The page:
LoRa 101: Getting JayCar/ Duinotech components XC4394 & XC4392 working

This entry is part 1 of 1 in the series LoRa
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I have had a project in mind for a while for a remote sensor (in the sea!) but did not like the idea of having to pay for a 3G/4G connection for it (or pay anything actually!).

I came across LoRa somewhere and saw it stood for Long Range & I was sold – I live 300m from the sea.

Rather than research further (🥱) I just bought an XC4394 LoRa & Wi-Fi IoT Gateway and an XC4392 LoRa Arduino Shield from JayCar* online as a COVID-lockdown purchase:

  • The XC4394 I figured I could get create the bridge between LoRa and the internet (via my home network) and;
  • The XC4392 + an Arduino Uno could be the ‘end node’ with sensors (water depth, temp and current velocity in my case).

* FYI JayCar is the Australia/ NZ equivalent of RadioShack (US), Tandy (UK) and the kind of physical shop that sells nerd electronics elsewhere.

In favourable conditions, LoRa can transmit 10+km (up to 20km) according to Semtech. LoRa is actually a trademark of Semtech (who make the chips) and much of the LoRA/ LoRaWAN ecosystem is proprietary. Good link here (from Semtech) and here (by Link Labs) on what-is-what in LoRa-world. You need to put your thinking hat on to understand them though.

Bad(ish) news

The XC4394 and XC4392 have very poor documentation (via the Jaycar website) and the documentation that is provided is woefully undercooked. My advice – scrap JayCar/Duinotech docs and read on here! This is not the first time I have bought something from JayCar and had to start from scratch getting it to work.

An important first point is that the XC4394 ‘gateway’ does not have a modern enough LoRa IC to be a currently compliant LoRaWAN Gateway. I spent a fair bit of time trying to make it do this. It won’t!

This is okay though – setting up your own LoRaWAN Gateway only seems to be relevant unless:

  • you want to set up your own extended LoRaWAN (compliant) network… so multiple gateways acting as a single network.
  • want to add to the reach of the The Things Network (or some other) community LoRaWAN network.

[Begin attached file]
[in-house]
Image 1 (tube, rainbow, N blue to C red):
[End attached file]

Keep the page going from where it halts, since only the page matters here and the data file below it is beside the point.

Maybe you could connect the XC4292 shield to TTN’s Community LoRaWAN network. I am not sure. Near where I live there are 3 community gateways but they are quite a way away, controlled by I-do-not-know-who. So, I am not going to bother trying to connect to them. Here is the TNN community map.

(The jury is still out on the struck-out paragraph below)

There is some other bad news regarding the XC4292 shield. This might be peculiar to where I live though. Local network/phone providers may have a LoRaWAN network – mine does with a free devkit for 5 devices. Excited on getting an email with my account details I tried to connect, failed and then read the small print: the XC4292 I have is on the AS915 channel and the provider uses the AS923 channel. Now, I don’t know if you can change the band setting on the Semtech SX127x chip (the docs seem to suggest you can). For another time perhaps?

Good news 1 – We actually bought (old) Dragino clones

UPDATE 2021/10/28: Changed ‘same as’ to ‘similar’! More on this in a subsequent post.

Both the XC4394 & XC4392 seem to be indirect rip-offs of Dragino products. The XC4394 gateway is similar to the Dragino LG01-S, and the XC4392 shield is similar to the Dragino SX127x shield. So:

  • Maybe considered buying ‘legit’ or up to date Dragino stuff, eg, the LIG16 gateway.

but failing that:

  • You can use Dragino’s comprehensive documentation for their LG01 & shield.
  • You can safely update the firmware on the gateway to the latest (v4.3.7). From memory, the version on my out-of-the-box XC4294 was v4.2. Updating to v4.3.3 will give you some more features plus make Dragino’s docs make sense! Link to 4.3.7 firmware. Easiest way to update is through the WebUI.